Volunteerism is great but, if you’re building a business and want to make a living, you need to learn how to be paid for your advice or service. If you give everything away, you’re a charity not a business.
Friends will always ask your advice, and that is not a bad thing but in this totally hyperlinked world we live in today you most likely have hundreds of “friends” you’ve never met, who have an intimate picture of your background. The ease with which they can connect with you creates a false sense of accessibility. When you put your creds on the web and announce you’re opening a business, you’re instantly opening the floodgates so you need to have a plan.
I have a lot of experience writing and editing and could set up an independent business to help others with their writing projects. That being said, before I’d take a step forward and go public, I’d need to create a plan and set up some parameters. My first step – and yours should be – is to create a list of services I could provide and put a price on each of them. People need to understand that your time has value and each minute you are giving something away you are not focusing on building your business.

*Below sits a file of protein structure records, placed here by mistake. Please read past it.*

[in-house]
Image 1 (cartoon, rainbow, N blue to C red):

For some super practical tips on negotiating this tricky territory, read Nancy Collamer’s great article, When (and when not) To Charge for Your Expertise and Time on NextAvenue.org.
And, when you get down to the nitty gritty of pricing your services, check out Pricing the Goods and Services of Your Small Business at Startacus.
Last but not least, don’t forget that you can always offer a “friends and family” discount or a new customer, multiple services and/or customer loyalty discount.
Information is cheap. Anyone can find bleams of it at any time on the Internet. Only experience can distill all that info into wisdom and put it into in a context relevant to your clients’ needs. Your experience is one of your most valuable business assets – don’t give it away!